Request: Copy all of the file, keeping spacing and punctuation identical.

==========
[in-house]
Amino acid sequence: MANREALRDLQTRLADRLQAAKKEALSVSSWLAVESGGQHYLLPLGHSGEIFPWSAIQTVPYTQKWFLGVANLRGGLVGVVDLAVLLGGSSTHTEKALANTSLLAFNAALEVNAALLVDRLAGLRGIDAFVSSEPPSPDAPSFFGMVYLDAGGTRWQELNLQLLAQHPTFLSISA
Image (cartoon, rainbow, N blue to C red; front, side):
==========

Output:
[in-house]
Amino acid sequence: MANREALRDLQTRLADRLQAAKKEALSVSSWLAVESGGQHYLLPLGHSGEIFPWSAIQTVPYTQKWFLGVANLRGGLVGVVDLAVLLGGSSTHTEKALANTSLLAFNAALEVNAALLVDRLAGLRGIDAFVSSEPPSPDAPSFFGMVYLDAGGTRWQELNLQLLAQHPTFLSISA
Image (cartoon, rainbow, N blue to C red; front, side):